ZB

High-profile public servant performed sex act in woman's home, court hears

Author
NZ Herald,
Publish Date
Tue, 18 Jan 2022, 1:20pm
The case was discussed today in Hutt Valley District Court. Photo RNZ
The case was discussed today in Hutt Valley District Court. Photo RNZ

High-profile public servant performed sex act in woman's home, court hears

Author
NZ Herald,
Publish Date
Tue, 18 Jan 2022, 1:20pm

A former high-profile Wellington public servant was allegedly caught on camera performing a sex act in a woman's house multiple times while she was out. 

Today in a pre-trial hearing at the Hutt Valley District Court prosecution lawyer Mark Shaw alleged the man had entered the woman's home at night twice, removed his clothing and performed a sex act in her lounge. 

The man is facing a representative burglary charge and an alternative charge of being in a building unlawfully.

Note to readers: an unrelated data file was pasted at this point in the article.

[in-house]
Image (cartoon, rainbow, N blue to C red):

He has entered a not guilty plea to the charge of being in a building unlawfully and has been granted interim name suppression. The man has previously worked as a high-ranking public servant. 

Shaw said today that while police had charged him with being in her home unlawfully, that didn't cover the gravity of the man's alleged offending. 

While he told the court the primary motivation for the man's behaviour may have been "pleasure", Shaw said the offending was against her privacy. 

"You can look at the footage, he's masturbating." 

Judge Chris Sygrove asked the prosecution how they could prove he intended to commit that offence, if he did not know he was being filmed. 

Without the video, Judge Sygrove noted that it could have occurred without anyone finding out. 

Regardless, Shaw said just because she wasn't there, and wouldn't have known about the incident without the camera, it did not mean his actions weren't offending against her privacy. 

The accused's lawyer, Shanna Bolland, argued that her client could not intend to assault or offend if he was not aware that he was being recorded. 

She said in terms of the law, a person's body and physical integrity was treated differently than a person's home. 

Bolland believed there was insufficient evidence that there was an intention to offend any person, whereas masturbating in front of a person would likely cause offence. 

The charges relate to alleged incidents last year, and the case will back in court later this year. 

- by Katie Harris